THE SOLUTION Low-stakes, Online, Repeatable Learning Checks
WHY?• Online assessment • K-12, and other standardized tests already online (Bennett, 2002) • Easier access for students (Brooks, Nolan, & Gallagher, 2003) • Can be used to enhances self-regulated learning (Nicol & Milligan, 2006) • Can be used to remediate deficiencies, automate homework grading, and guide study time toward problem solving (Toback, Mershin, & Novikova, 2005)
WHY?• Repeatable quizzing • Keller Plans (1968) • Personalized Systems of Instruction = UDL (Brothen & Wambach, 2003) • Found most valuable tool in online microeconomics course (Brown & Liedholm, 2004) • Encourages mastery learning (Brooks, Nolan, & Gallagher, 2003) • Mastery learning extremely successful (Bloom, 1976) • Formative assessment with feedback promotes student learning (Nicol & Milligan, 2006) • Shown to aid in decreasing DFW rates (Twigg, 2004)
DECISIONS TO MAKE• Give correct answer or not?• With or without feedback?• Graded or ungraded?• Timed or untimed?• Number of questions each time?• Limited or unlimited number of attempts?
STEPS1. Build item pool2. Enter item pool into Blackboard3. Set up repeatable quiz parameters on Blackboard Let Blackboard to the rest!
SIDE NOTE…Most instructors and test bank writers do NOT write good test questions & Many students are test savvy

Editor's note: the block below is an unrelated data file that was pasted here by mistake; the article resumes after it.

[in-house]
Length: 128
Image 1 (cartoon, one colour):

SIDE NOTE…• Some hints for writing good test questions • Align the questions with learning outcomes • Match the question type to the Bloom‟s taxonomy level • Avoid using negatives in the question • Avoid giving information in the stem that can give the answer to another question • Avoid clues in the stem (e.g., grammatical)
SIDE NOTE…• General test question patterns that test savvy students pick up on • The middle answer (or C) is usually correct • The longer answer is usually correct • The „different‟ answer is usually correct • “All of the above” or “None of the above” is usually the correct answer
LESSONS LEARNED• Use Respondus to forbid screen capturing• Shorten time for quizzes• Limit number of attempts• Larger item pools are better• Simple item analysis limitations• Scores positively correlated with effort (Johnson, Joyce, & Sen, 2002)